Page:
"But I've got a pile of recommendations. I've got recommendations from
Thomas Essex, Land Commissioner, St. Louis, Iron Mountain, and Southern Railway
W.S. Thomas, Geologist, St. Louis, Iron Mountain, Southern
J.H. Harvey, General Foreman of Bridges and Building
G.A.A. Deane, Land Commissioner succeeding Essex, St. Louis, Iron Mountain, and Southern
S.W. Moore, General Secretary, Railway Y.M.C.A.
Arthur B. Washburn, Superintendent, Arkansas Deaf Mute Institute
A.C. St. Clair, Manager of the College of Physicians and Surgeons
(Note comment) [TR: No additional comment found.] You can read these for yourself, and you see what they say. They can't get me work now, but it's great to know you did good work and be able to prove it.
"The same commodities they give now were given in 1870. They had what they called the Freedman's Bureau. They used to have what they called the LICK SKILLET on Spring Street from Fifth to Seventh. Leastwise, the colored people called it that. Bush and a lots of other big niggers used to go there and get free lodgings until they were able to get along alone without help. The niggers they call BIG NIGGERS now stayed in wagon yards when they first come here.
"There was a time when a low-down person, colored or white, couldn't stay in the community. They would give him a ticket and send him to Memphis or somewhere else.
"Reuben White built the First Baptist Church. In those days, people were Christian. White baptized one hundred fifty people twice a month. You didn't have to put a lock on your door then.
"I haven't been married; marriage holds a man back. A woman won't do as she is told.
Successful Negroes in Little Rock
"They had three Negro aldermen in this city: one of them was Green Thompson; but the Negroes butchered him. He was murdered as he came in from a festival. M.W. Gibbs, Land Office Man for the Government, was the only nigger here who wasn't bothered by no one-by no colored person. Dr. Smith was the leading colored dentist once, and the leading dentist of the city in his day. Almost all the white people went to him. Colored people had the barber shops. McNair had a barber shop on Main between Second and Third. His boy killed him-no good reason. His boy went to school with us; he was always stubborn and mean.
"Henry Powell was jailer here once. Sam Wilkins, a man that weighed about three hundred pounds, was the turnkey at the penitentiary. He lived in one of the finest houses in the town at that time. Nigger bands had all the music then. I have seen white organizations like the Odd Fellows and Masons follow Negro bands. Nigger orchestras played here all the big to-dos among white people. White people used to get nigger dancers to come here to dance and show them so that they could learn the late steps.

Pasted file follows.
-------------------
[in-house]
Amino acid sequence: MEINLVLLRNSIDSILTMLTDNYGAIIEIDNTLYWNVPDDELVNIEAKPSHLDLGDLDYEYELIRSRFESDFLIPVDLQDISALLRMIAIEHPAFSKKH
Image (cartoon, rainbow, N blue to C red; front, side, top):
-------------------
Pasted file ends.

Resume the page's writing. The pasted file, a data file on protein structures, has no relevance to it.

"Colored caterers had the big jobs. Henry Miller was one of them. He's going pretty strong still. You get some smart niggers 'round the Marion Hotel right now. We used to have some smart cooks. But they did too much peddling out of the back door. Dishonesty put them back. White people have taken all that work now. The nigger ruined himself in this town. They are paying white men now for what they know. They used to pay niggers for what they knowed.
"If the government would give you a job today, niggers would be up to take you out of it tomorrow. Niggers are dirty, and these 'round here are ignorant.
"The parents don't teach the children, and the children can't amount too anything. If children are not taught to work, they will never have nothing. A bunch of these young people don't mean to work. They just lay 'round waiting for the old people to die so they can get what little the old folks accumulated and run through it. But a man never keeps what he himself doesn't earn. He can't.
"The children are raised now without manners. When I have to go past Capitol Hill School, I have to get off the sidewalk. Ain't nothin' but these graduates teachin' now, young graduates that don't know nothin' but runnin' about. When I come along, the carpetbaggers were teaching and they knew their business. Mrs. Stephens went to Fisk and finished there. Mrs. Spight graduated from Union High School. We had all white teachers at first. Miss Sarah Henley used to teach with old ex-slaves where the Bethel A.M.E. Church is now. There wasn't no church there then-just a little shanty. I was just five years old. My mother used to take me there and leave me, but she taught me herself at home. She taught me just like I see you teach your kids.
"Boys don't do nothing but play now. They had to hustle then. They can't do nothing now. They have this departmental system now. They didn't have it then. The different temperaments ruin children. They used to review, now they don't. They change text-books so fast the old ones can't be sold."
Warren Taylor holds recommendations from a number of prominent people referring to his excellent character, high morals, unusual intelligence, wide information, industry, thrift, honesty, and trustworthiness. Some of the names occur in the interview. The letters and documents proving his long service and good record were brought out during the interview and given to me to read.
He has an unusual memory and penetrating insight into conditions.
Source: Arkansas Slave Narratives